Thursday, September 13, 2012

Nightmare in Wax (1969)

This is exactly the kind of schlock that used to get played on Creature Feature after midnight on Saturdays when I was a kid. I probably even saw it back then. It's got all of the elements of a B horror movie: a washed up Hollywood star (Cameron Mitchell in this one and so many others), spoooooky theremin music, lots of scenery-chewing, and a story so dumb it would only be convincing to a child. As a child, I might have seen it and been convinced.

The story is that someone is kidnapping Hollywood stars and drugging them so they remain paralyzed and then using them as figures in a Hollywood Wax Museum. Who's doing this? Former Hollywood make-up artist Vincent Renard (Mitchell), that's who! The movie lets us in on this secret five minutes in. About ten minutes in, they explain why: he was in love with an actress (Anne Helm), but the fat fuck producer Max Black (Berry Kroeger) also loved her and mutilated him with a flaming cocktail (in full view of an entire party of people who apparently didn't notice how intentional the attack was).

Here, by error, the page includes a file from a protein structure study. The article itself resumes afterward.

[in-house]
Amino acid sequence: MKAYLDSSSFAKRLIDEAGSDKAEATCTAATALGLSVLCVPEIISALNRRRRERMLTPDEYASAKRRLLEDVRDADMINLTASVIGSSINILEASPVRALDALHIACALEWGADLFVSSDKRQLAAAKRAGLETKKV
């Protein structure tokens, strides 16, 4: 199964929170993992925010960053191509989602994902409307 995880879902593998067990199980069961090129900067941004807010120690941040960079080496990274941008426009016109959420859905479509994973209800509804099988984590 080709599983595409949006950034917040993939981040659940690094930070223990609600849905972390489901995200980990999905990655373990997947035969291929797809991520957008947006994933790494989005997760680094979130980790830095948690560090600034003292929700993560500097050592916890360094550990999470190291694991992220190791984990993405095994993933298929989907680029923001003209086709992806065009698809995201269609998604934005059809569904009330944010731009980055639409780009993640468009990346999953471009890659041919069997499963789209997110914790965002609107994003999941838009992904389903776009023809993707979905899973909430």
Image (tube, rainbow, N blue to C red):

Well, old putty face probably could have kept porking the actress, but decided instead to work at the wax museum, which for no apparent reason allows him to work with a giant vat of boiling wax uncovered in the basement. In fact, that vat of wax, which is akin to big bubbling vats in classic schlock films, is the single best thing about the movie. Probably second place would go to the go-go dancers shaking their goodies to a hip band called the T-Bones about halfway through. Vincent trolls the go-go club for victims, Max trolls the club for pussy, and otherwise the scene has nothing to do with anything, but was probably a career high point for the T-Bones.

Blah, blah, blah, blah, blah!
The worst parts of the film are an idiot security guard who's here for comedic effect, and especially Mitchell's dialogue to the paralyzed victims, which just goes on for-fucking-ever. If this thing was shot in more than a weekend, they wasted time. Also, if these "wax figures" are alive, how long can they last until they starve to death? It's not like the guy is feeding them. Probably a crapping wax dummy would arouse suspicion anyway. Finally, there's a huge subplot in which two detectives try to solve this big mystery of where these actors are disappearing to- they don't suspect that it could be the batshit crazy, mutilated weirdo with a serious grudge against the studio who just happens to be putting up really lifelike figures of those actors in his wax museum almost immediately following their disappearances! Nobody even suggests that might be in poor taste! I mean, if there were two detectives on the force who weren't fictionally brain dead, the whole movie would have been over in five minutes.

Man, what a crappy movie this was!

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